Where do you get your hair cut? I get mine cut on the carport or in the kitchen, depending on what it’s like outside. That’s ‘cause I live with my barber. I recommend it. Uh, I don’t recommend you live with my barber. You need to find your own. Preferably of the opposite sex. I’m just sayin’.
Big Al doesn’t live with a barber so he has to go to town to get his hair cut. His barbershop of choice is Debbie and Martha’s Hair Salon. Did you get that? Al gets barbered at a beauty shop. What a sissy boy.
Obviously, I’m joking, ‘cause Big Al would beat me up, otherwise. Turns out a lot of guys go to a beauty shop for their haircuts. A few of ‘em even at Debbie and Martha’s last Friday when Al and I were there. I wasn’t there for my hair. I was there at Al’s urging. He said I should do a sequel to an article that appeared in “The Villager” back in September of ’90.
At the time, I was driving down a Farm to Market in East County, when I saw a small sign that read “Debbie’s Family Hair Styling.” I drove right in like I had good sense.
I went in ‘cause I needed a topic for my article. And, I sure got one while listening to Debbie and her clients talk about… Well, everything. And, not much. It was interesting as all get out.
So, two decades later, I found myself back at Debbie’s. Only, she’s long since relocated and renamed. As I mentioned, it’s now “Debbie and Martha’s Hair Salon.” And, it’s located at 900 West Davis in Conroe. It’s just behind the Valero station that’s just east of 45 on 105. Hey, Google the address. I’m bad with directions.
Debbie’s new business partner is Sally. I mean, Martha. Between the two of them, they’ve got 40 years experience styling hair. I think they both started when they were 12. (Just in case, I ever need a free haircut.)
When we arrived, people seemed to take to Al right off the bat. I guess they were taking to him. Maybe I should’ve said they were responding to him. Al can get a response from algae. At one point I thought he and Dorothy were going to get into a real fisticuff. Dorothy is a retired English teacher. The lady was 41 years in the classroom. You don’t mess with a Dorothy.
Big Al and Dorothy go at it. A mysterious orb appears in the background.I should’ve mentioned that to Al. It wasn’t five minutes before I heard him say, “Hey, you’re talking to me like I’m one of your students!” Al can say mean stuff like that, and people know he’s joking. I say it, and they take a swing at me. Dorothy gave as good as she got. I only had to break 'em apart once.
Al was really the only one stirring up trouble. Everyone else was being nice. I believe it was Carol who said, “I come here for the warmth and friendliness of the place. The hair is just a bonus.”
Al shows up for his little bit of hair and to cause trouble. At one point he got into a fight with Richard. Richard is a 90 year-old ex-golden gloves champ. He would’ve turned pro, but Ann wouldn’t let him. Ann is his wife of 70 years, and the only one who can keep up with the character. Richard told us that his trick for staying married so long was in learning to say “Yes, Honey” and “No, Honey.”
Ann said that there was no trick for her. When she got married her mom told her that if she ever ran home, the door would be locked. So, 70 years later, they’re still together. And, as cute and charming a couple as you’re going to find.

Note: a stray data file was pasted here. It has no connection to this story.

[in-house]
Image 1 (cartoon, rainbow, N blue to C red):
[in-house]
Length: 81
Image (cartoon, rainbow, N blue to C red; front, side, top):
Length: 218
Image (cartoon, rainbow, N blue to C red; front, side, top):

Richard was struck by lightning once. I don’t know if you were aware of that. The experience not only hurt like all get out, but it ruined his new boots. He hated that. And, his mom actually died from a lightning strike that hit her while she was hanging up clothes. I couldn’t keep up with all the stories that man had. He could write a book. A collection of books.
90 year-old Richard delivers a right to the jaw. Big Al was stunned.
Big Al eventually coaxed Richard out of his chair and had him demonstrate some boxing moves. The old man was reluctant, but finally rose to the occasion. After the bout, Al came over and whispered to me, “That old man is stout. He blocked my punch great.” I wasn’t surprised.
Early in our visit, Frances arrived with her great granddaughter. She was here on this particular Friday to get her hair done for her husband’s funeral. Mickey Bowers had finally lost in his struggle with cancer.
Frances said that her husband was involved in the nation’s first atomic tests in Nevada. He had five different episodes of cancer, which Frances thinks were each attributed to his work with the bomb tests.
It was apparent Frances enjoyed talking about her husband. At times the stories cost her some tears. Cost me, too. Listening to her stories made me more than a little self-conscious about all the laughing and carrying on we had been doing. Frances didn’t seem to mind. Might’ve been be a pleasant break from despair.
Leah, Frances’ great-granddaughter, proved mighty hard to draw into the conversations. The li’l doober was shyer than shy. Mostly clinging to her great-grandma.
The talk kept coming from all corners. I could do a whole series of articles on my one outting at Debbie and Martha’s. Time doesn’t allow for mention of the conversations with, uh, let’s see, Bessie, Lucille, Carol, Jim, June and… Who else? There were others.
Oh, I’ve just gotta mention this. Before leaving, Leah, the little shy four-year-old, walked right over and hugged Richard like he was her grandpa. She then came over and hugged me. Shocked my socks off. Oh, I wish someone had taken a photo.
Before she made it out the door, Big Al said, “Hey, Leah, aren’t you forgetting something?” The little princess came over and gave me another hug. She knows who the nicest brother is.
Yes, you can always find a story in a beauty shop… or barbershop. At Debbie and Martha’s, I found the warmth and friendliness that Carol mentioned. Oh, and Leah’s hug? Well, that was a bonus.